Saturday, July 4, 2015

Myroslav Slaboshpytskiy's new film "The Tribe" at Northwest Film Forum: Jul 10 - 16



Another major film from the year's international festival circuit lands at Northwest Film Forum this month! To call Myroslav Slaboshpytskiy's "Deaf-School Drama, Shocking, Violent and Unique" as Peter Bradshaw's review for the Guardian states, is something of an understatement. From it's outset, "The Tribe" establishes that there is to be no spoken dialog in the film, nor are there to be any subtitles to translate the exchanges between the characters, which takes place entirely in Ukrainian sign language. This may read as something of a daring gambit, or even bold gimmick, but Slaboshpytskiy's meticulously distanced camerawork and determinedly opaque dramaturgy is so explicit, and fully integrated ethical choice, that the viewer is immediately infected with a vicarious, voyeuristic curiosity. It becomes something of a sinister game to parse out the remorseless methodology and indoctrination of the young protagonist into the world of the film's crumbling state boarding school for deaf adolescents. One needn't be able to sign to be able to comprehend the film's setting and it's own complex hierarchy exerting it's influence through numerous demonstrations of humiliation and power, these are crystal-clear.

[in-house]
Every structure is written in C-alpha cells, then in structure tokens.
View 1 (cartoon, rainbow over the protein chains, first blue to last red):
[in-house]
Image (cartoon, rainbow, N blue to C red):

Beginning with the first day as a new student is inducted into a secret world of teenage gangs, predatory violence and crime. Within minutes it's established that the dominant boys in the squalid institutional dorms are running rackets behind the facade of the officially state-sanctioned sales of trinkets on trains. Left to their own in the decrepitude of urban Kiev, this is the most innocent of the ritualized practices they engage in. Their daily lives something of a real-world contemporary to Anthony Burgess' "A Clockwork Orange" in that it shares a post-adolescent world nearly devoid of any adult presence, where the youth at the lowest tiers of society's set of rungs are left to make their own way, to deign what the world is as they see fit. Sharing the austerity and rigor of Europe's great quiet confrontationist, Michael Haneke, the squalor of poverty amidst the erosion of the European economic community's social structures seen in the films of Ulrich Seidl, and the ghostly traces left behind of the late-Soviet era's influence throughout Cristian Mungiu's films, Slaboshpytskiy has crafted a work deserving of it's widespread critical acclaim. Rightly hailed in The BFI's 20 Best Films of 2014 and Jonathan Romney's Film of the Week reviews for both Sight & Sound and Film Comment, where it was celebrated as the most intrepid, surprising, inventive and disturbing film seen in Cannes Critics Week last year.